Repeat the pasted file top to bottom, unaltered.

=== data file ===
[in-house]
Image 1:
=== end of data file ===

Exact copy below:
[in-house]
Image 1: